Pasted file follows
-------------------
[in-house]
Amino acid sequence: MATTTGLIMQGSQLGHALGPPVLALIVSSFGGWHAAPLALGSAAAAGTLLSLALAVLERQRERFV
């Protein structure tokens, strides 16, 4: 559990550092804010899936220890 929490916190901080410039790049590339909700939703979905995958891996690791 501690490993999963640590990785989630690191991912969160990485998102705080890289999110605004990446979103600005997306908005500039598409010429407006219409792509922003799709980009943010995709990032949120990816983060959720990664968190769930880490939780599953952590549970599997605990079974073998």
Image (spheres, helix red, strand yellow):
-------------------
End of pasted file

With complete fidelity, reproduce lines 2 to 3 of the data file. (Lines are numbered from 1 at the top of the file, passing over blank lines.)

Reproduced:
Amino acid sequence: MATTTGLIMQGSQLGHALGPPVLALIVSSFGGWHAAPLALGSAAAAGTLLSLALAVLERQRERFV
């Protein structure tokens, strides 16, 4: 559990550092804010899936220890 929490916190901080410039790049590339909700939703979905995958891996690791 501690490993999963640590990785989630690191991912969160990485998102705080890289999110605004990446979103600005997306908005500039598409010429407006219409792509922003799709980009943010995709990032949120990816983060959720990664968190769930880490939780599953952590549970599997605990079974073998």